Our library celebration couldn’t take place this year, so I thought it would be fun to look back at past events.

Yarn bombing is a type of knit and crochet graffiti or street art and we’ve had some exceptional examples at the library.

All ages are welcome to participate in the activities. There is a lot of talking and laughter while working on a current project for all to see.

Knitting competitions can be fierce with trophies for the winners!

Library staff enjoy knitting displays for the Children’s Department and Circulation Office.

I’m looking forward to World Wide Knit in Public Day 2021 when we can all get together again. In the meantime, check out these ebooks and magazines on OverDrive/Libby for inspiration and to improve your skills.

Hope to see you next year!

Crafty Double-take Titles

Cover image of I Felt AwesomeFuture me is an amazingly crafty and talented person. I owe this predicted success to the hours I’ve spent hoarding craft ideas on Pinterest. Unfortunately the current me is pathetically unskilled and can only dream of making the upcycled t-shirt tank tops, tiny felted owls, and clever Chicago map quilts my heart desires. Nevertheless, this momentary setback doesn’t stop me from trolling the craft section when I’m on my lunch break. During my most recent foray to the 746’s I found my attention grabbed again and again by book titles. More specifically, I kept doing double-takes at book titles written by authors who clearly shared my slightly off sense of humor. My conclusion? Crafters are a funny, sometimes naughty, group of people.

Here are my top ten favorite crafty book titles found at the EPL:

10. Wild with a Glue Gun by Kitty Harmon and Christine Stickler. My idea of getting wild with a glue gun involves frustration, cursing, burnt fingers, tears of rage, and a half-finished pompom snowman; thankfully the ladies who wrote this book are far more creative and coordinated than I am. Once I’ve acquired some welder’s gloves I’d love to try out their scallop shells party lights idea, or the tin art that’s featured.

Cover image of Men in Knits9. Men in Knits by Tara Jon Manning. If this was a tumblr, I’d subscribe to it. This title gives handy tips to more experienced knitters (or shoppers) about what kinds of patterns are most suitable to different male body types. Patterns featured in this book are best suited for experienced knitters, but the eye candy is nice for the rest of us.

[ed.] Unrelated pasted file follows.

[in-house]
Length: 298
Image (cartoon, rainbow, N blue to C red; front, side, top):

8. Socktopus by Alice Yu. Though I love the name, this is written for experienced knitters. There are loads of really elegant knit patterns, but Socktopus is short on pictures of how to do the actual stitches. Some day.

Cover image of Stitch and Bitch7. Stitch ‘n Bitch by Debbie Stoller. Aside from the catchy title (or perhaps because of it), this series is pretty popular with people looking to learn how to knit and crochet (I purchased their crocheting title, The Happy Hooker, when it was featured in BUST Magazine). Featured within these pages are trendy styles, easy to follow diagrams, and amusing banter.

6. Sensual Crochet by Amy Swenson. This may be more of an unintentionally-funny title than deliberate, because there’s not much that seems sensual about crocheting, or the contents of this book. What it does have to offer are sophisticated, current styles that crocheters can try out. These elaborate patterns are best suited for more experienced hookers.

5. I Felt Awesome: Tips & Tricks for 35+ Needle-Poked Projects by Moxie. This book is useful for beginners and more experienced crafters alike. Early sections explain the equipment needed, and provide loads of great close-up color photos to illustrate step-by-step directions. For the experienced felter, there are many fun, offbeat project ideas, such as scarves that look like racetracks (complete with felted cars) and martini olive necklaces.

Cover image for Joy of Sox4. Sweaters from Camp from Meg Swansen’s Knitting Campers. Aside from the hiking name, this book is more or less window shopping for me until I develop some skills. For advanced knitters, there are many detailed patterns to explore.

3. Too Hot to Handle? Potholders and How To Make Them by Doris L. Hoover. Enter the fast-paced world of potholders, mitts, and other skin-savers with this helpful how-to title. Readers will learn a bit about the history of potholders, as well as where the potholder industry is headed. Later sections of the book are dedicated to a variety of unique pattern ideas, as well as tips on how to upcycle old clothing to make new potholders.

2.The Joy of Sox by Kinda Kopp. This saucy number is ideal for inexperienced knitters who may be interested in adding some pep to their sox life. Early chapters are dedicated to explaining terminology, demonstrating techniques with clear drawings, and helping knitters navigate patterns.

Cover image for Still Stripping1. Still Stripping After 25 Years by Eleanor Burns. This title coaxed an embarrassingly loud snort-laugh from me in the stacks. From the homey cover shot of the author saucily tossing a fabric strip over her shoulder, to action shots of her working her sewing machine in the company of her labs – I feel like I want to get to know Ms. Burns. Thankfully I can in a way because she has a YouTube channel that hosts a large collection of her ‘how to’ videos.

I hope this list has given you the motivation to bust out the pinking shears or home-spun yarn, or at least given you a chuckle or two.